New simulations highlight potential for more efficient airport runway operations

Airport operations at some of Europe’s busiest airports have the potential to be made even more efficient.

At least that’s what simulations hosted by NATS as part of the European SESAR (Single European Sky Air Traffic Management Research) 2020 programme suggest.

With demand for air travel forecast to grow in the coming years, going beyond even the peak levels reached in 2008, new and innovative ways are required to help airports accommodate growing demand and build even greater resilience into their operations.

Currently, aircraft on departure are grouped in to broad ‘categories’, for example ‘Heavy’ or ‘Medium’, dependent on the wake vortices – or invisible spirals of air turbulence – they generate.

However, this current categorisation means that separations between individual aircraft could be larger than is necessary to ensure safe separation, for example when the smallest aircraft in the ‘Heavy’ category is followed by the largest aircraft in the ‘Medium’ category.

The simulations have studied the potential for refining the separations between departing aircraft by switching from these broad categories of aircraft to individual ‘pairwise’ separations, where the safe separation between departing aircraft is calculated based on the wake vortices created by each aircraft type.

This builds on work previously undertaken through SESAR 1 focusing on wake vortex optimisation, including research in to pairwise separation for arrivals and the successful deployment of Time-Based Separation (TBS) for aircraft arriving at Heathrow Airport. TBS at Heathrow has already significantly reduced delays caused by strong headwinds.

The simulations have also explored how different weather conditions might alter the dissipation of wake vortices, for example when there are strong cross-winds which might help clear the invisible turbulence more quickly, potentially enabling a reduction in safe separations in certain conditions.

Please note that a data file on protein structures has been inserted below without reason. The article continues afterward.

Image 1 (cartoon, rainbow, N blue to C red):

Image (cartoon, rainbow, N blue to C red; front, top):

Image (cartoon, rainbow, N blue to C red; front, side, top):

The simulations focused on how this might be applied at London Heathrow Airport but also have the potential to be replicated at other busy airports across Europe, such as Paris CDG and Barcelona el Prat.

Claire Pugh, Wake Optimisation concepts and Analysis Lead at NATS, said: “Whilst these are early stage prototype simulations, the findings have been promising and demonstrate the potential to help airports such as Heathrow, as well as others across Europe, to further enhance runway throughput. We will now use this information and work with our partners within the SESAR 2020 programme to prepare for more advanced simulations in 2018.”

The simulations form part of the ‘Increased Runway and Airport Throughput’ element of the SESAR 2020 programme, which is the second phase of the major public-private European Research and Development initiative designed to modernise Europe’s airspace management in order to safely manage forecast growth.

The ‘Increased Runway and Airport Throughput’ project brings together a number of organisations, including Eurocontrol; the Spanish and French Air Navigation Service Provider (ANSP) ENAIRE and DSNA; COOPANS – an international partnership of the ANSPs of Austria, Croatia, Denmark, Ireland and Sweden; airport consortium SEAC; aircraft manufacturer Airbus; system suppliers Indra, Thales, Selex and research organisation AT-One.

Further simulations are planned by other members of the project throughout 2017 and 2018.

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